Struggling surfwear retailer Billabong International is expected to fend off more takeover bids after its share price dived to its lowest level on record.
More than a third of Billabong's stock value was wiped out on Monday as investors baulked at a $225 million capital raising and a big earnings downgrade announced last week.
Billabong shares went into freefall after coming out of a trading halt.
They fell initially more than 36 per cent before recovering slightly to close at 96 cents, or 34 per cent down, amid large volumes.
That's well below the company's offer of $1.02 per share in its capital raising announced last week.
And it's more than 14 times less than Billabong's all-time peak of $13.64 reached on June 30, 2007.
Last Thursday the company revised down its expected earnings and launched a $225 million capital raising to help reduce its $325 million debt pile.
This happened just months after the Billabong board knocked back a $3.30-a-share takeover offer from a private equity group earlier in the year.
Morningstar analyst Tim Jones said around 46 cents of the share price slide on Monday was attributable to the profit warning from last week.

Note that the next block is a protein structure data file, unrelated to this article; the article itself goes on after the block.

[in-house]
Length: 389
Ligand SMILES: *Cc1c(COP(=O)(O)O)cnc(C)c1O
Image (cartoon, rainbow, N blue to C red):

He said the record low share price could attract takeover bids from private equity outfits such as TPG Capital, which had looked over the company earlier in the year.
"I think they'd be very tempted to come back and do another bid," Mr Jones said.
He said the Billabong board, including major shareholder and founder Gordon Merchant, needed to be accountable for its previous rejection of TPG's bids.
"A number of groups would be interested in purchasing it - private equity or even trade buyers as well as other international brand companies, particularly in the US," Mr Jones said.
On Monday Billabong said it had completed the institutional component of its accelerated pro-rata renounceable entitlement offer and had raised about $155 million, or 79 per cent of the new shares available.
The retail component of the offer will take place from Friday under the same terms.
Billabong now expects underlying earnings, which exclude one-off costs from the restructure, at between $130 million and $135 million for the year to June 30.
That's down from its forecast of earnings slightly above $157 million when it announced plans for a major restructure in February.
Some analysts said Billabong would have to close more than the 140 of its 600 stores as uncertainty remained around cash restructuring charges, forward-order cancellations and excess inventory.
"If Billabong management gets the strategy right and executes to design, the recovery potential in this stock would be extraordinary but so are the odds of achieving this outcome so late in the day," CBA analyst Jordan Rogers said.
"The capital raising gives some time, but the next six months will be crucial for the business."
Billabong shares closed 49 cents, or 34 per cent, lower at 96 cents.